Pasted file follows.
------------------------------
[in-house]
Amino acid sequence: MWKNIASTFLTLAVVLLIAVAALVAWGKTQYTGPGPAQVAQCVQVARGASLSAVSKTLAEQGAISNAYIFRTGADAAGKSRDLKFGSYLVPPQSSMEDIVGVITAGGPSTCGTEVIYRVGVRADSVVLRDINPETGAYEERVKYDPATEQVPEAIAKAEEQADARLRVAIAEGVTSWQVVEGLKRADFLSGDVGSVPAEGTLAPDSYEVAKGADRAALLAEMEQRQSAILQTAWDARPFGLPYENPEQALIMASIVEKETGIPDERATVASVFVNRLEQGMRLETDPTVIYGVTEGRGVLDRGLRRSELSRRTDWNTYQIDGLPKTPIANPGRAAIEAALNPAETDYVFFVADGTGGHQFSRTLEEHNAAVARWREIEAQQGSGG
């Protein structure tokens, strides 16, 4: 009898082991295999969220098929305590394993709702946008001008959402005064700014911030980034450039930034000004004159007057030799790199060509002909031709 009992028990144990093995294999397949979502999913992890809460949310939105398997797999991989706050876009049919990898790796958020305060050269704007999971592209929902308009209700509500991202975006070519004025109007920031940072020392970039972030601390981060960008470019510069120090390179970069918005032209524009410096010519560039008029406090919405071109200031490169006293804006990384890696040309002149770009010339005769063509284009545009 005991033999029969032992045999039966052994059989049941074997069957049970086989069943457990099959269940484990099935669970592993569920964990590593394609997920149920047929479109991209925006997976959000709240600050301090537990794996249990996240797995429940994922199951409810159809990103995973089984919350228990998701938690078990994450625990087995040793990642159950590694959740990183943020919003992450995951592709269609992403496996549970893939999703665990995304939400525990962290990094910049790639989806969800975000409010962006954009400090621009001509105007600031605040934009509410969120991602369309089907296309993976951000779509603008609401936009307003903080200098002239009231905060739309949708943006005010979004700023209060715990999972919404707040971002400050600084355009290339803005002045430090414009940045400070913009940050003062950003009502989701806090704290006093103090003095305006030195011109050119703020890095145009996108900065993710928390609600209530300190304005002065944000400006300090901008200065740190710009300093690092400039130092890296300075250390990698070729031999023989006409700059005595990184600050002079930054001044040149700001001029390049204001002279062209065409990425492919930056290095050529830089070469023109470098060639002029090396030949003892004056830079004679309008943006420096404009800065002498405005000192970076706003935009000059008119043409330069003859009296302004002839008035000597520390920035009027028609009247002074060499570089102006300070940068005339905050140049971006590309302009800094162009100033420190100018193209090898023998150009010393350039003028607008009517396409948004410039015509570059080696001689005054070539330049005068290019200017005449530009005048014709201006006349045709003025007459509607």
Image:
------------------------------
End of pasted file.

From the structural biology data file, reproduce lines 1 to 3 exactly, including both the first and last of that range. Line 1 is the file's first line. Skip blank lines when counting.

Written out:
[in-house]
Amino acid sequence: MWKNIASTFLTLAVVLLIAVAALVAWGKTQYTGPGPAQVAQCVQVARGASLSAVSKTLAEQGAISNAYIFRTGADAAGKSRDLKFGSYLVPPQSSMEDIVGVITAGGPSTCGTEVIYRVGVRADSVVLRDINPETGAYEERVKYDPATEQVPEAIAKAEEQADARLRVAIAEGVTSWQVVEGLKRADFLSGDVGSVPAEGTLAPDSYEVAKGADRAALLAEMEQRQSAILQTAWDARPFGLPYENPEQALIMASIVEKETGIPDERATVASVFVNRLEQGMRLETDPTVIYGVTEGRGVLDRGLRRSELSRRTDWNTYQIDGLPKTPIANPGRAAIEAALNPAETDYVFFVADGTGGHQFSRTLEEHNAAVARWREIEAQQGSGG
């Protein structure tokens, strides 16, 4: 009898082991295999969220098929305590394993709702946008001008959402005064700014911030980034450039930034000004004159007057030799790199060509002909031709 009992028990144990093995294999397949979502999913992890809460949310939105398997797999991989706050876009049919990898790796958020305060050269704007999971592209929902308009209700509500991202975006070519004025109007920031940072020392970039972030601390981060960008470019510069120090390179970069918005032209524009410096010519560039008029406090919405071109200031490169006293804006990384890696040309002149770009010339005769063509284009545009 005991033999029969032992045999039966052994059989049941074997069957049970086989069943457990099959269940484990099935669970592993569920964990590593394609997920149920047929479109991209925006997976959000709240600050301090537990794996249990996240797995429940994922199951409810159809990103995973089984919350228990998701938690078990994450625990087995040793990642159950590694959740990183943020919003992450995951592709269609992403496996549970893939999703665990995304939400525990962290990094910049790639989806969800975000409010962006954009400090621009001509105007600031605040934009509410969120991602369309089907296309993976951000779509603008609401936009307003903080200098002239009231905060739309949708943006005010979004700023209060715990999972919404707040971002400050600084355009290339803005002045430090414009940045400070913009940050003062950003009502989701806090704290006093103090003095305006030195011109050119703020890095145009996108900065993710928390609600209530300190304005002065944000400006300090901008200065740190710009300093690092400039130092890296300075250390990698070729031999023989006409700059005595990184600050002079930054001044040149700001001029390049204001002279062209065409990425492919930056290095050529830089070469023109470098060639002029090396030949003892004056830079004679309008943006420096404009800065002498405005000192970076706003935009000059008119043409330069003859009296302004002839008035000597520390920035009027028609009247002074060499570089102006300070940068005339905050140049971006590309302009800094162009100033420190100018193209090898023998150009010393350039003028607008009517396409948004410039015509570059080696001689005054070539330049005068290019200017005449530009005048014709201006006349045709003025007459509607």